Women and men in political decision-making
Women are still significantly under-represented in decision-making positions in all fields. On average across the EU, women account for 33% of members of national parliaments. This means that still two thirds of members of Parliament are men and progress is slow and uneven. Women represent 32% of senior ministers in Member State governments and only 26% of leaders of major political parties.
Find more statistics.
Women and men in economic decision-making
Women’s progress in corporate leadership has gradually increased but the top jobs are still largely occupied by men. Around 30% of board members of the EU’s largest publicly listed companies are women. Women still only hold less than 1 in 10 board chair and chief executive officer positions (respectively 8.5% and 7.8% in October 2021). The most significant improvement is observed in countries that have taken legislative measures to increase gender balance on boards.
Find more statistics.
What could be done to achieve gender balance?
The under-representation of women in decision-making is a very broad and multifaceted issue. It needs to be placed in the context of a number of policy efforts aimed at improving gender equality. This includes policies to increase the employment rate of women, to reduce the gender pay gap, to tackle gender segregation in education and employment and to tackle non-transparent nomination and promotion schemes still prevalent in political and corporate cultures.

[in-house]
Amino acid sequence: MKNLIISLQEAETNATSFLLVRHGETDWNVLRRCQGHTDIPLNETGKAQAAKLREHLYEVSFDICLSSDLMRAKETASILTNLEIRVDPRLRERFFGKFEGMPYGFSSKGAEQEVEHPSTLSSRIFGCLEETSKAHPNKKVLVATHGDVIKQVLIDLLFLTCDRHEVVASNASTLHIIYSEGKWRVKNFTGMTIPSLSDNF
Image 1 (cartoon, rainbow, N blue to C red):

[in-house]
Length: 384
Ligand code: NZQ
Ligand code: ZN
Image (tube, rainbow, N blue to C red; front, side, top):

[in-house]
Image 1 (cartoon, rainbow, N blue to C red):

Moreover, it is necessary to promote family-friendly policies, to support a more equal distribution of caring and domestic responsibilities, to improve the work-life balance for both women and men and to overcome gender stereotypes. Measures should be implemented to eliminate individual, organisational and social obstacles to women’s representation in leadership positions.
Men occupy the vast majority of leadership positions. They are the ‘gatekeepers’ to the positions of power. Engagement of male senior leaders is one of the driving forces for change. This applies both in politics and in the corporate world.
See more on measures to address the gender pay gap
See more on Gender balance in decision-making
Proposal for a directive on gender balance in corporate boards